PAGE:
Human Impact on Environment Some Good and Not So Good News
Prince George, B.C. – The global impact of human activities on the natural environment is extensive, but those impacts are expanding at a slower rate than the rate of economic and population growth.
That is one of the key findings of a team of researchers from UNBC, the University of Queensland, the Wildlife Conservation Society (WCS), and six other universities.
The team developed a map which shows 75% of the planet has been significantly altered by human activity, and 97% of the most species-rich places on Earth have been seriously altered.
The original human footprint map was created in 1993 says Dr. Oscar Venter of UNBC, one of the co-authors of the map, “We created two maps, one for present day (2009) and one for 1993 so we can look at trajectories and see how things have changed over the last two decades and learn from that.”
Dr. Venter UNBC says there is some encouraging news in that human impacts are expanding at a rate slower than the rates of economic and population growth “it means we are becoming more efficient in how we use natural resources.”
In developing the map, Dr. Venter says they looked at a “range of human pressures on the environment”.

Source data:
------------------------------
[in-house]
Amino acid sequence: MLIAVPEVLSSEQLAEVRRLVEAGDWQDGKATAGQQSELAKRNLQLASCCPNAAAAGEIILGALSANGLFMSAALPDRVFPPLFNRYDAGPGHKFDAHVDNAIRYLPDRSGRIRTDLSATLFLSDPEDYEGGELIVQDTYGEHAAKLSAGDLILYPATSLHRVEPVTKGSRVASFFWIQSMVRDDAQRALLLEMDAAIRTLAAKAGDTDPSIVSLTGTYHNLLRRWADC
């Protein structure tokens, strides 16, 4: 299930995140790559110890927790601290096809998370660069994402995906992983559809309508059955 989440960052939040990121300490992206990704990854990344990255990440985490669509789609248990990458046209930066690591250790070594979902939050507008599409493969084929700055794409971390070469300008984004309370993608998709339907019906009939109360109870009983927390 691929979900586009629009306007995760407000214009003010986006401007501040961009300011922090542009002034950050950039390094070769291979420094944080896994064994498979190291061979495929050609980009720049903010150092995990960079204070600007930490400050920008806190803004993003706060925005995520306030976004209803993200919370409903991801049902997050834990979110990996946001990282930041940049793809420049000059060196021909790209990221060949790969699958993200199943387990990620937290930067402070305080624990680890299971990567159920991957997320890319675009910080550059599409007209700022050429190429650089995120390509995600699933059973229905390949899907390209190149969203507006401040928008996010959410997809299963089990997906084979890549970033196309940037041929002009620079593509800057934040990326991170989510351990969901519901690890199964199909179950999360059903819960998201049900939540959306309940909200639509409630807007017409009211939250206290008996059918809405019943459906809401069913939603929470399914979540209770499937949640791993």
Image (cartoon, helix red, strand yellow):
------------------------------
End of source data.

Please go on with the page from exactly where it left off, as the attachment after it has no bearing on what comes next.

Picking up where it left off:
- he extent of built environments,
- crop land,
- pasture land,
- human population density,
- night-time lights,
- roads, and
- navigable waterways
Dr. Venter says the map has produced mixed results “It’s encouraging in that we saw a number of countries grow their economies quite a lot over the last 20 years, while actually shrinking the impact they are having on the environment. So it appears it is possible to de-couple economic growth, which is something everybody wants, from environmental impacts which is something many people don’t want. That was a positive finding for us. On the other hand there were a number of negative findings that were negative. Almost everywhere on the planet, most eco-systems on the planet have deteriorated over the last 20 years. Additionally, if we look at the most species rich part of the planet, there were very few of those places that remain in a natural unmodified condition. Only 3% of them were still natural.” Dr. Venter says that is quite concerning to him .
Looking at specific areas on the planet, Dr. Venter says Canada overall, looks ok “We are a very big country without a very large population, and a lot of the population is concentrated in cities. But that said, there were some important things we didn’t manage to map on a global scale and one of them was mining, and the other was forestry because industry specific data was not available on a global scale, so we might have been underestimating some of the impacts we are having in northern Canada and Northern B.C.”
The work is far from over says Dr. Venter “something I am looking forward to doing since I moved to UNBC is to undertake this sort of work on a scale of Canada, or potentially the scale of British Columbia, developing a map of the footprint, including the footprint of important industries, for our region.”